In the case of trees and risk, our profession has adopted the QTRA* model for risk analysis - under this model for a tree to be considered likely to cause harm, there needs to be a perceived `defect' in a tree and a likelihood that a tree failure will impact on a target. If likelihood falls under a 1 in 10,000 chance of risk of harm then action must be taken. 95%+ of the time, trees are risk manageable without any need for tree removal - that means the reality of 'what if’ is so small that the insurance companies don't consider trees as a concern (because of so few claims they receive involving trees). 'What if' is a concern regarding trees because of the media, (who support negative drama.) Our experience of the Gap 2008 storm (see the ETS/Energex Gap Storm Report) showed us that the vegetation of the Gap did more to protect people and property than cause damage. This is validated by the zero human casualties and the fact that only 21 homes were seriously damaged; the ten most damaged properties we witnessed (roofs blown completely off) were damaged by wind forces where no trees where present.
Hazard Verses Risk
Hazard = something causing unavoidable danger, peril, risk, or difficulty
Risk = exposure to the chance of injury or loss
Tree safety management is a matter of limiting the risk of harm from tree failure while maintaining the benefits conferred by trees. The QTRA system (*Quantified Tree Risk Assessment) applies established and accepted risk management principles to tree safety. QTRA quantifies the risk of significant harm from tree failure in a way that enables tree managers to balance safety with tree values and operate to pre-determined limits of tolerable or acceptable risk management. For more information on QTRA please make reference to - http://www.qtra.co.uk. Most Australian consulting arborists are QTRA trained.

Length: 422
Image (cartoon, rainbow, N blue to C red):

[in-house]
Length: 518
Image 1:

With regard to hazard assessment we use and promote the VTA (Visual Tree Assessment) system as devised by Prof Claus Mattheck of the Karlsruhe research centre in Germany. The VTA system is globally accepted by consulting arborists for evaluating tree bio-mechanics. On behalf of Naturaculture, and with our collective experience, we see and use the term 'mechanical constraint' when referencing tree 'defects'. In nature there are numerous trees with mechanical constraints which do not fail; generally speaking a tree fails at the site of a constraint when stressed either by wind, drought or poor health (through drought and stress management the incidence of tree failure can be reduced). We see the term ‘defect’ as a term that best suits the media as opposed to Arboriculture. Cassian has recorded and publicised numerous accounts relating to forms of VTA he sees as specialised to Australian Gum trees.
If you are concerned about your trees - do not pay attention to media bodies or private companies that promote fear - with consideration of overall tree populations dangerous trees are rare. For advice concerning hazardous trees and risk - employ an experienced independant consulting arborist who is qualified to diploma level as a minimum. Do not listen to tree loppers or persons who will financially gain by removing trees.